Case Study: Sportsnet’s Cutting-Edge Studio Features ARRI Fixtures for Added Versatility and Reliability

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In 1929, when Hockey Night in Canada began broadcasting from Arena Gardens in Toronto, the information offered was limited to descriptions of the third period of play so as not to discourage local ticket sales. Today, hockey-related economic activity is estimated at more than $11 billion a year, and Sportsnet’s NHL coverage comes from a gleaming, custom-built Toronto television studio that’s part of Rogers Communications.

Broadcast Exchange: Building the home of hockey in Canada, Sportsnet’s new broadcast facility

Sportsnet Studios is a key part of the network’s reinvented approach to traditional hockey broadcasting, as well as content production and distribution. State-of-the-art technology, including visual reality game extensions, augmented reality, and 3D capabilities, enables interactive and immersive content that brings fans into the conversation. In addition to “Hockey Night in Canada,” the studios feature “Scotiabank Wednesday Night Hockey” and regional coverage of the NHL. Future plans include live NBA, MLB and other shows.

Lighting director James Downey, a veteran of a wide range of lighting jobs of all kinds, was on board in January 2020 as the new studio was designed from the ground up. The work would be the last of more than two dozen installations overseen by Downey. The actual installation was carried out between August and October 2020.

“The impetus was hockey coverage, but we knew the studio had to be versatile for in-house or other shows, like the Raptors, for example,” Downey said.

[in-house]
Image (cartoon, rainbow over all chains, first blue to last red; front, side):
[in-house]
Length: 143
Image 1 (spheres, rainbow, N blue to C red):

“Rogers had owned the hockey rights for several years, so there was a model of the existing studio. But it was an opportunity for a refresh and a redesign, to create a more versatile and dynamic studio designed for a variety of coverage across the country. So we had a rough idea of ​​what the set would look like, where the desks would be, and how the lights and the camera would work together.

The space is divided into two studios – Studio 31 and 32, which share one wall. Everything, down to the shiny black floor, has been designed to offer maximum flexibility and efficiency.

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“It’s a very well-constructed space – they can shoot close to 360 degrees in one studio and around 270 degrees in the other, with some sort of lighting technology that frames all angles,” said he declared.

“At any given time, there are typically four or five primary desk positions, as well as standing positions, which can be migrated to different positions or looks within this set depending on the application. There’s a ton of brand new lighting technology involved, as well as plenty of video walls, and there’s LED lighting in the desks and in the walls, which is extremely versatile and looks great in front of the camera.

The Cove is a 50ft floor-to-ceiling LED wall, one of many video walls used for a wide range of applications – statistics, players, sponsorship, etc. “The graphics team is very busy, creating content to fill it all in,” Downey said. “And they do an amazing job.”

Even with 13 cameras, Downey said that although perfect color balance is much easier to achieve than before, he still uses his eyes to find the right mix in the images.